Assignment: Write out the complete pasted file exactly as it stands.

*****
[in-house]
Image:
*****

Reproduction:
[in-house]
Image: